Author(s): Laurie Halse Anderson and Emily Carroll
Resonant and fiercely authentic. This timely, critically acclaimed and award-winning modern classic is now a powerful graphic novel.
'I said no.'
Melinda is an outcast at Merryweather High. Something happened over the summer - something bad - and now nobody will talk to her, let alone listen. So what's the point in speaking at all?
Through her work on an art project, Melinda is finally able to face what really happened that night. But before she can make peace with the ghosts of the past, she has to confront the reality of the present - and stop someone who still wishes to do her harm. Only words can save her. She can't stay silent. Not any more. 'With the rise of women finding their voices and speaking out about sexual assault in the media, this should be on everyone's radar... Powerful, necessary, and essential.' Kirkus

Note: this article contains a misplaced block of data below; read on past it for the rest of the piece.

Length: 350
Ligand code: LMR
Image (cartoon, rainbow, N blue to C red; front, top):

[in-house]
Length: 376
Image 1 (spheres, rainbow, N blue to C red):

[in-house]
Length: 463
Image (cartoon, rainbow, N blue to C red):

Laurie Halse Anderson is a New York Times-bestselling author, known for tackling tough subjects with humor and sensitivity. Her work has earned numerous awards and accolades.
Laurie was the proud recipient of the 2009 Margaret A. Edwards Award given by YALSA division of the American Library Association for her 'significant and lasting contribution to young adult literature'.
Mother of four and wife of one, Laurie lives in Northern New York, where she likes to watch the snow fall as she writes. She and her husband, Scot, plus dogs Kezzie and Thor, and assorted chickens and other critters enjoy country living and time in the woods. When not writing or hanging out with her family, you can find Laurie training for marathons or trying to coax tomatoes out of the rocky soil in her backyard. You can follow her adventures on Twitter, http://twitter.com/halseanderson, and on her blog, http://madwomanintheforest.com/blog/.
Emily Carroll is a Canadian comics author from Ontario. Carroll began her career making short webcomics, and gained recognition with the horror comic His Face All Red. Carroll is the author of Through the Woods, Ann by the Bed and Beneath the Dead Oak Tree. She has won several prestigious awards for her work, including the Eisner and Ignatz.